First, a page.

My friend, Q., had a question, “Why is “heard” spelled that way?” Hmm. I don’t know why! What an interesting question, Q. !!! What we do know is that “heard” is the past of “hear” and we know that it is not spelled hear + ed-> *heared.
What is the reasoning behind the spelling of <heard>?
First, let’s look at both words:
We note that although <hear> appears in both words, there is a stem vowel shift as we say the words aloud: “hear”/”heard” although they both contain the letter strings <hear>; the words are pronounced differently.
Might this signal that these words come from Old English? I know from my class with Rebecca Loveless that there are Old English-derived strong (showing an action or state of being or feeling) verbs that mark the past tense with a stem vowel shift, such as “eat/ate”; “run/ran”; “sing/sang” and “”grow/grew.”
I notice that, unlike the words above, “hear” and “heard” have a vowel shift but not a letter string or grapheme shift. Hmmm. There is another example of am Old English-derived strong verb that has a vowel sound shift without a letter string or grapheme shift:
Present tense: “read”/Past tense: “read”
So, I ponder what, if anything does the “hear/heard” and “read/read” pairings have in common? They are all homophones: read/reed; read/red; hear/here; heard/herd. So, it would have been important for the scribes long ago to follow the homophone principle: “where possible, words that are pronounced the same, but are unrelated, will have different spellings to mark the differences in meaning.”
So, it would have been important to have graphemes in <heard> that would signal the meaningful connection to <hear> while differentiating <heard> from <herd>.
Now, with those thoughts in mind, I will investigate <heard> and <hear> using the 4 questions of Structured Word Inquiry (Bowers & Kirby, 2010) to determine if any other new understandings come to light:
So, after considering all my current understandings, my answer to Q.’s question, “Why is “heard” spelled that way?”, my hypothesis is that <heard>, as an Old English-derived strong verb, is spelled that way in order to show the meaningful connection to <hear> while differentiating <heard> from <herd>. I will continue to refine my hypothesis as I learn. Thank you, Q., for a very thought-provoking question!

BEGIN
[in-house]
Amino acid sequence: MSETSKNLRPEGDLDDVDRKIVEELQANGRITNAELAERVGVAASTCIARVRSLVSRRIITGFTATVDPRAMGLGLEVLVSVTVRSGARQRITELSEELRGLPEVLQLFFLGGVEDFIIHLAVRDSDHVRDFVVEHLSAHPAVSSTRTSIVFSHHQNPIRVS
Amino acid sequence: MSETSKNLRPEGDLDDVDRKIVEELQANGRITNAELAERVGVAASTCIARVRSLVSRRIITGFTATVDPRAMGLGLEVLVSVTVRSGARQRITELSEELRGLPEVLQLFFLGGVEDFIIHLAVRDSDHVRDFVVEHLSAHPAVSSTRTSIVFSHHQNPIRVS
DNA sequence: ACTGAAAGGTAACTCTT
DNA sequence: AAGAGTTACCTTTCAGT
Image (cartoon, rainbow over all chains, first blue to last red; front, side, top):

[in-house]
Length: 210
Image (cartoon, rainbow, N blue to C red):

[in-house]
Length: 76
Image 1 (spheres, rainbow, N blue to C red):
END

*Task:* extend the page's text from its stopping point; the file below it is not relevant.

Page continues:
Update: I wasn’t feeling confident about my analysis about why <heard> is spelled that way so I continued to do research. I came across Dr. Peter Bowers’ wonderful exploration of <say> and <said> here. His analysis taught me something new: <-d> is a non-productive suffix ( a suffix that is not currently being used to generate new words). In his etymological investigation, <saith> was historically replaced by <say> and he is aware of the OE suffix -th (-th, according to Gina Cooke, is a verbal inflection that has been replaced by the <-s> in says. It has an <-eth> variant, like in <prayeth>) so
saith-> sai + th
If <sai> is an earlier version of <say> and <-d> is an earlier, now non-productive, suffix then
sai + d-> said
Dr. Bowers concludes, “our word sum analysis gives us evidence that <say> and <said> do NOT share a base, but the etymological evidence shows that they derived from the same Old English root secgan. “
That makes me update my hypothesis that <heard> is spelled that way as a result of <hear> + the now unproductive -d suffix hence
hear + d->heard
Based on my updated hypothesis and my current understanding, our word sum analysis gives us evidence that <hear> and <heard> do NOT share a base, but the etymological evidence shows that they derived from the same Old English root heran.
Thank you, Dr. Bowers, for your illuminative analysis of <said> and for all your scholarship related to spelling and Structured Word Inquiry.
Note from Real Spellers Toolkit (Theme 2D):
- We know that the homophones < hear > and < here > have different meanings because they are spelled differently. The one that is to do with listening shares a spelling with < ear > because that’s what we listen with.
The other word is the one to do with place: < here >. It shares a spelling with the other words that are clearly about place: < there > and < where >, even though the pronunciation is different.
Peter Bowers, Structured Word Inquiry
Neil Ramsden’s Mini-Matrix Maker
Real Spellers Forum and Toolbox